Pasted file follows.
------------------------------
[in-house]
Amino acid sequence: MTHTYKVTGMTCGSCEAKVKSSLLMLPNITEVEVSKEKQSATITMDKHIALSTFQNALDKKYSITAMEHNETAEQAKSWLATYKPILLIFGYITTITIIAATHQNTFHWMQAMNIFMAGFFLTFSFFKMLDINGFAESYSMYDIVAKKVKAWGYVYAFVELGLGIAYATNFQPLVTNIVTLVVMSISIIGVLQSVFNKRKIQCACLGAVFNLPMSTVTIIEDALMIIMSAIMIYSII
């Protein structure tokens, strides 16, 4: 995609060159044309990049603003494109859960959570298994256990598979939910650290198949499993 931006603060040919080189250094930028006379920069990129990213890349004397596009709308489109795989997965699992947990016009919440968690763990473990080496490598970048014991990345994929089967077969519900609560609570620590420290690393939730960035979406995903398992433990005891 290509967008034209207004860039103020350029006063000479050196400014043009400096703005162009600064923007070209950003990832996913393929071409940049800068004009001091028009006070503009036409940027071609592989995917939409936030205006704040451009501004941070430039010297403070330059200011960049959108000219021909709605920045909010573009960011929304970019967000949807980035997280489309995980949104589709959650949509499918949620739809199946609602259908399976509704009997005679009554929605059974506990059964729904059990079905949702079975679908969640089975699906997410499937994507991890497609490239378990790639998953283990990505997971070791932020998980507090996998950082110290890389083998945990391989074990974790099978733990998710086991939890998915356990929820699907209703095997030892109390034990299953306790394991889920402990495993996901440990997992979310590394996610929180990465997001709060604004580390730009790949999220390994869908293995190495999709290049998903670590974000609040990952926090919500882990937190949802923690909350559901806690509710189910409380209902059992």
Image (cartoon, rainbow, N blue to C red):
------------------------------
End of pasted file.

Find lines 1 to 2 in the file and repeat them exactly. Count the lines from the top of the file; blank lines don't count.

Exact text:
[in-house]
Amino acid sequence: MTHTYKVTGMTCGSCEAKVKSSLLMLPNITEVEVSKEKQSATITMDKHIALSTFQNALDKKYSITAMEHNETAEQAKSWLATYKPILLIFGYITTITIIAATHQNTFHWMQAMNIFMAGFFLTFSFFKMLDINGFAESYSMYDIVAKKVKAWGYVYAFVELGLGIAYATNFQPLVTNIVTLVVMSISIIGVLQSVFNKRKIQCACLGAVFNLPMSTVTIIEDALMIIMSAIMIYSII